Mayo County Council have described as ‘totally false’ claims by the Friends of the Irish Environment that work they carried out on a bridge near Delphi resulted in a rare colony of freshwater pearl mussels being destroyed.
A report compiled by the Friends of the Irish Environment (FIE) claimed that the contents of 36 sandbags spilled into the Bundorragha River and smothered the young mussels in a ‘matter of hours’. The alleged incident occurred last November when Mayo County Council were carrying out repairs on a bridge but had to abandon the work after heavy rainfall.
An article which appeared in The Sunday Times claimed that the Council and the National Parks and Wildlife Services failed to act on advice provided by several scientists, who recommended that the proposed work be changed or postponed until the summer.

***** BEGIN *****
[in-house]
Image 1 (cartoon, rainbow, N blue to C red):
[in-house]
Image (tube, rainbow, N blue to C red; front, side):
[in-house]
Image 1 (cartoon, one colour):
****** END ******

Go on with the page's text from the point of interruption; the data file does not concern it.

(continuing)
However, Joe Beirne, Director of Services with Mayo County Council denied that they had ignored scientific advice and told The Mayo News that it was ‘untrue’ advice was ignored or that pollution was caused to the river.
“The headlines which suggest that millions of species were wiped-out is totally false,” he explained. “We had approval from the NPWS to do the work but we got caught in a storm and we immediately dismantled what we did. There is no way that any permanent damage was caused.”
Mr Beirne said they carried out all the necessary environmental requirements and would consult with the NPWS and Irish Fisheries before recommencing work on the bridge in the summer.
An estimated two million freshwater pearl mussels out of the national population of 13 million were located within two kilometres of the Delphi Bridge. The Bundorragha is designated for protection under the EU Habitats Directive because the mussels, thought to be Ireland’s oldest surviving species, are endangered. Approximately 90 per cent have disappeared in the past century.
The report was compiled by Tony Lowes, a director of FIE.